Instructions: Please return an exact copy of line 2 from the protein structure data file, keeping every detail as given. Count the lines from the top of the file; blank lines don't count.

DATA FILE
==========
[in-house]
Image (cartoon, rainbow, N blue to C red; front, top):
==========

Image (cartoon, rainbow, N blue to C red; front, top):